At the back of the cinema was a small alley, which allowed access to a few small warehouses that stood at the side of the canal. These buildings too had an air of neglect, but there was nothing sad about their run down state. The warehouses had never been grand buildings, never been intended to last. Sandy was content for them to rot. At the door to the last of the warehouses behind The Minerva, he stopped. A rusty number 5 hung on the door from a solitary screw. Ba da ba daa. Number five – how appropriate, Sandy thought. He knocked three times, good, solid raps, and then waited. There was no answer, but he had been expecting that. He tried the door, but it was locked. He had expected that too. He reached into his breast pocket and withdrew a set of lock picks and set to work on the lock. In a short time the old lock disengaged and Sandy opened the door. The hinges gave an anguished creak.
Inside, the warehouse was unremarkable. Pallets of large cardboard boxes lined the room, with pathways between them, though here and there were spaces created by empty pallets. Dust cloths covered what might have been a desk and computer in one corner, and halfway down an aisle a forklift stood, rusting and leaking oil. A little light oozed in from the panes in the ceiling, but the shadows were deep. Sandy returned the lock picks to his pocket, adjusted his suit, and strode through the warehouse, making his way towards a flight of metal stairs at the rear of the building. They led up to an office, which overlooked the main floor.
He walked calmly up the stairs, stopping his whistling, and opened the office door. The room was bare save for a filing cabinet, a desk, and a chair behind it, which had been turned to face out of the windows overlooking the canal. The windows were dirty, streaked with grime, and, in all probability, rusted shut. A cassette player sat on the desk, a wire protruding from it ran to the chair. Sandy could see a mess of blonde hair and a headphone strap above the chair’s back, as well as a pair of trainers pressed against the dirty glass. Faint, tinny sounds came from the headphones. Sandy crossed the room and pressed the button to eject the tape, examining the label. It read “90s Greatest Dance Hits”. The person in the chair tutted and turned to see what had happened to the music.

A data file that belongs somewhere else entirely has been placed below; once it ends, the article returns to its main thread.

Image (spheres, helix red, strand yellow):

“You should listen to something better than this rubbish, Henry,” Sandy advised.
Henry jumped out of his skin at the words, ripped the headphones, from his ears and turned to face Sandy.
“Sandy!” he said in an overly jovial fashion, “long time no see.”
“Mr MacPherson would like his money back,” Sandy said, placing the cassette down on the desk.
“Not even a hello for an old acquaintance?”
“Mr MacPherson would like his money back.”
“Straight to business then. I can’t tempt you to coffee or tea?”
“Mr MacPherson would like his money back.”
“Well, Mr MacPherson can take a running jump. I don’t have the money.”
Sandy raised his eyebrows. He hadn’t been expecting that.
“Mr MacPherson is a reasonable man. He’s generously offering to waive half of the final amount if you help him to locate this girl.”
Sandy withdrew a picture from his breast pocket; it showed a young girl, wearing a red coat and white scarf, clutching a blue umbrella and smiling. Behind her the trees were delicate shades of bronze, brown, and orange. Sandy placed the picture down on the desk and slid it across to Henry, who looked at it. The corners of his mouth turned up in a small smile, and then he frowned.
“I don’t know where Juliet is,” he said, quietly, “and even if I did, I wouldn’t tell an animal like you.”
Sandy reached across the desk, grabbed hold of Henry’s crumpled blue work shirt, and pulled him out of his chair, dragged him over the desk and flung him across the office floor. He came to rest with a thump against the office wall. Ba da ba daa, ba da ba daa. Sandy whistled as he kicked the man in the midriff and then punched him twice in the face. Blood rushed from the man’s broken nose and his howl of pain cut through Beethoven’s Fifth. Sandy adjusted his suit jacket.
“I will have that tea now, Henry,” he said, “and then you’re going to tell me where she is.”